Liberia was doing rather well educationally in the 1970s. Many of the elementary and high schools and the two universities then, University of Liberia (UL) and Cuttington University College (CUC – now Cuttington University), were well staffed with competent teachers in many disciplines, including agriculture, engineering and the sciences. The UL's A.M. Dogliotti College of Medicine and its teaching hospital, the John F. Kennedy Medical Center (JFK), were putting out graduates that won easy acceptance at leading medical schools abroad for specialization in various fields of Medicine.
CUC, too, had a well-qualified cadre of instructors in many areas, especially the sciences; and just as in the 1950s and 60s, CUC's exponents were earning graduate degrees from top universities in Europe, the Middle East, especially Egypt and Israel and the United States. Many Ministries, among them Foreign Affairs, Finance, Defense, Public Works, Agriculture, Information, Cultural Affairs and Tourism (MICAT), Economics and Planning, and Lands, Mines and Energy (LME); and several para-statals, including the Liberia Electricity Corporation (LEC), Liberia Telecommunications Corporation (LTC), the National Port Authority (NPA) and the Liberia Produce Marketing Corporation (LPMC) also sent streams of talented young people abroad for training and most returned with graduate degrees.
Then the 1980 coup d'etat, unleashing 10 years of terror, then the war and Liberia's slide into anarchy, death and destruction and the mass exodus of our educated class in the interminable (ceaseless) brain drain.
The climb back up the ladder of capacity building has been painful, slow and steep. But it has begun. This week the University of Liberia announced that two engineers, one civil and another structural, and a city and regional planner are due to return home to join the faculty, following graduate training at Rutgers University in New Jersey, USA.
These three professionals were awarded graduate fellowships at Rutgers through the Excellence in Higher Education for Liberian Development (EHELD), sponsored by the US Agency for International Development (USAID).
Francis Cooper, EHELD coordinator, has disclosed that 46 more UL faculty and potential faculty are studying abroad to return and teach.
Other scholarships are available for Master's degrees at universities in the sub-Region.
This program to train instructors in science and technology is highly commendable and marks an intensification of Liberia's capacity rebulding.
Cuttington University, too, is benefitting from the ELHELD-USAID training program. A soil scientist is shortly to return to teach in the CU agricultural college; and another is due to complete his PhD in Natural Resource Management. There are five CU fellows in Ghana pursuing graduate courses, three at the University of Cape Coast (UCC) in Agricultural Extension, Agricultural Engineering and Agricultural Economics. Two others are at the Kwame Nkrumah University of Science and Technology studying Animal Science and Pest Management.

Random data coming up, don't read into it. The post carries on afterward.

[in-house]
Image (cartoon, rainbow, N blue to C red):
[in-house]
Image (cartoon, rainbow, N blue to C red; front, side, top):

A CU female scholar is studying Animal Science at the South Carolina State University in Raleigh, NC. Except for the PhD scholar, all the others are due to return next year to begin teaching.
We pray that the EHELD/USAID program will recruit more scholars to pursue their Master's and PhDs to teach at UL and Cuttington, and that other universities in the country, Tubman University (TU) included,
will benefit from the program.
At the same time, we urge all Liberian students, especially those in senior high school and university, to study diligently to prepare for Agricultural, Science and Technology training at the undergraduate and graduate levels, and help hasten the rebuilding of the nation's academic and intellectual capacity.
We urge the EHELD/USAID program to recruit more students for undergraduate and graduate courses in Mining, Geology, Civil and Petroleum Engineering. The reasons are obvious: Liberia is mineral-rich, we now have petroleum and Public Works needs architectural, civil, mechanical and structural engineers to help in the design and building of our airports, housing, office, shopping and other complexes, bridges, highways and roads.
Here, several Ministries and Agencies are called to undertake their own capacity building, just as they did in the past. These include Public Works, LME, LEC, Civil Aviation Authority and the Roberts International Airport as well as the Liberia Maritime Authority. We pray that they will all get busy and join in the hastening of our country's capacity building, in order to prepare Liberia for the agricultural and industrial take-off.